Should BP CEO Tony Hayward Go to Prison?

Lewis Maltby

BP CEO Tony Hayward appears at a congressional hearing in Washington, D.C. in June. Hayward promised lawmakers he would 'take action' against any of his employees found to have put costs over safety ahead of the Gulf of Mexico oil spill.

In the wake of the Gulf of Mexico oil spill disaster, many have called for BP CEO Tony Hayward and other top executives of the London-based energy giant to go to prison. Most of this is just anger, but the idea deserves consideration. Indeed, in May the U.S. Department of Justice opened criminal and civil investigations into what caused the spill. We will prosecute to the fullest extent of the law anyone who has violated the law,” Attorney General Eric Holder said June 1.

But the fact that 11 workers died in the April 20 Deepwater Horizon oil rig explosion doesn’t automatically mean than Hayward or other BP executives should go to jail. Sometimes workers are hurt even when management is careful — and even if they’re not, negligence isn’t enough for a criminal conviction in U.S. courts.

I say this from personal experience. When I worked as a business executive, a worker lost three fingers on a power saw and almost bled to death, despite the fact we had hand guards on every machine and no one was allowed to use them unless they were properly trained. So how did it happen?

But Trevor came in on Saturday without telling his boss and tried to use the saw, on which he hadn’t been trained. He took the guard off, and his hand slipped. We deserved having to pay for Trevor’s medical expenses, lost income while he was out of work, and the decrease in his future earnings. We deserved every penny the Occupational Safety and Heath Administration (OSHA) fined us. In fact, OSHA should have increased the fine.

But I shouldn’t have gone to prison because I didn’t anticipate this series of events. Fortunately for me, U.S. law doesn’t provide prison terms for negligent managers and executives. It’s not enough that an accident could have been prevented, and management wasn’t as careful as a reasonable person would have been. For managers to go to jail, they must have been recklessly indifferent” to danger. They must know that a situation exists that will probably cause harm, and do nothing.

What does all this mean for Tony Hayward? Whether BP’s CEO — now rumored to be resigning in October— belongs in jail depends upon whether the Deepwater Horizon’s problems were obviously going to hurt someone, and how much Hayward and other executives knew about it.

BP (including Hayward) obviously knew that drilling releases methane gas and that methane is explosive. The company knew it had to take steps to prevent a fatal explosion. The right thing to do would have been to have two seals in the well. That way, if one seal developed a leak, the methane would still be contained. This is what BP’s own safety engineers recommended. But managers ignored their own experts’ advice in order to save money.

The backup plan (if seals fail) is to push a huge set of iron slabs, called a blowout protector, through the pipe to seal it. BP had a blowout protector at Deepwater Horizon. A manager that cared about safety would have had it inspected regularly and stopped drilling if it wasn’t working properly. BP knew there were problems with blowout protector, but continued to drill, not just for a few days while they fixed the problem, but for 10 years, during which they paid little attention to it.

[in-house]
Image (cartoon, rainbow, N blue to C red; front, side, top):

The final backup in this situation is a methane gas detector in the engine room. If all else fails, this will tell workers that they need to shut down the machinery before a spark causes an explosion. But the engine room on Deepwater Horizon didn’t have a methane detector.

Most of all, a company that cares about safety would reward workers who report dangerous situations so they can be fixed. BP reportedly did the opposite. In 2006, technician Stuart Sneed found a crack in BP’s Alaska pipeline near a location where welding was taking place, told the welders to stop, and told his boss about the situation. Sneed should have been rewarded. Instead, he was fired. BP’s own inspectors substantiated Sneed’s concerns about the cracked pipe. An arbitrator ruled that Sneed had been fired for reporting the crack. But he didn’t get his job back, and his legal dispute with the company is still pending.

It’s hard to escape the conclusion that BP knew it was endangering workers’ lives, and didn’t care. If what the media has reported about the Deepwater disaster is true, BP is guilty of manslaughter.

But I learned long ago that you never learn the entire story from news reports. That’s why we have trials. In order to prosecute Hayward, and not just his company, we need to establish what he knew about the Deepwater rig and when he knew it. We can’t assume that he knew everything that was happening on a rig 5,000 miles from his office in London.

But if the answers are what they appear to be, there is no doubt that the team of Justice Department attorneys President Obama dispatched to the Gulf on April 30 should bring criminal charges against the responsible BP executives.

Lewis Maltby is president and founder of the National Workrights Institute and former Director of Employment Rights for the ACLU. He has testified before Congress many times on employment issues and appeared on 60 Minutes, Larry King Live, and Oprah. He lives in Princeton, N.J., and is the author of Can They Do That?: Retaking Our Fundamental Rights in the Workplace.
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